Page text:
Want to enjoy a magical summer of high energy, pain-free joints, sound sleep, disappearing flab, and radiant overall health? Then start by giving your gut a little spring cleaning, suggests nutrition pro JJ Virgin, who has spent 25 years helping women repair their GI tract to trigger head-to-toe transformations.
Turns out, most of us are eating at least one food our systems can’t tolerate well, leading to chronic inflammation in the delicate digestive lining. “Inflamed tissues release chemicals that suppress metabolism and just about every aspect of health.”
Luckily, Virgin’s tricks make it easy to pinpoint culprits and heal damage. “Your belly can be noticeably flatter in three days — and weight loss and health improvements continue to snowball after that,” she says. “I had one gal whose friends literally thought she had plastic surgery. The difference is quick and remarkable!”
Note: Speak with your doctor before trying any weight loss regimen or new diet.
Nutrition pro, JJ Virgin, 58, lost pounds on her own plan!
Why Repairing Your GI Tract Can Help
How do we end up with difficulty tolerating certain foods? Experts say there are many reasons. For example, a microscopic particle of cheese may escape the intestine, and we develop antibodies that attack any time we eat dairy. We might also simply struggle to break down certain proteins, such as the gluten in wheat, as our digestive enzymes naturally weaken with age, notes Vincent Pedre, MD. Virgin adds that each of us can develop an intolerance at any time; symptoms include tummy upset, congestion, skin trouble, fatigue, achiness, and weight gain.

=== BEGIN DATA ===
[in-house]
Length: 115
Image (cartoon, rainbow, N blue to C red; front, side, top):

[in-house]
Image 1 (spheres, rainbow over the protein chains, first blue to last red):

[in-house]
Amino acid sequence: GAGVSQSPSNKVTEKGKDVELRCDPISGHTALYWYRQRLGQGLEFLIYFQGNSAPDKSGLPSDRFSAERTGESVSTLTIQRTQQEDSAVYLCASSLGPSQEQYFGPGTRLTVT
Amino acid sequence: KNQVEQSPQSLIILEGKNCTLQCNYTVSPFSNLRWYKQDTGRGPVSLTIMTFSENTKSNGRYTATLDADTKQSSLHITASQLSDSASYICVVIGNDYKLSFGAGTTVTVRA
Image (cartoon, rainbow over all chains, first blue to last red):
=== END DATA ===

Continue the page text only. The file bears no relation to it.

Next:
To narrow down which foods may be a problem for you, Virgin recommends temporarily skipping gluten, soy, dairy, eggs, corn, peanuts and refined or artificial sweeteners. “I’ve found these are the ingredients women are most likely to have an issue with, so you pull them all out initially,” she explains. “The key is to rest your GI tract, ideally for three to four weeks, then test foods one at a time. You can add back any that don’t cause symptoms.”
While you rest and repair your GI tract, build meals around anything wholesome, especially anti-inflammatory options like fiber-rich produce, fish rich in omega 3s, and good fats. “I’m a big fan of shakes once or twice a day because they let you sneak in flax, kale, coconut milk, and other anti-inflammatory ingredients you might not otherwise eat,” shares Virgin.
Bonus: The blender breaks everything down, so your digestive system has less work to do. For that same reason, Virgin has you let at least 12 hours elapse between dinner one day and breakfast the next. “It gives your GI tract a break, so it’s much easier for your body to heal any damage.”
Why Virgin’s Tips May Help Reduce Belly Fat
Anytime part of us is irritated or inflamed, the body draws fluid to the area as a buffer against further injury. “If your GI tract is inflamed, you hold fluid around your belly,” says Virgin. “You lose this ‘water weight’ as inflammation subsides.”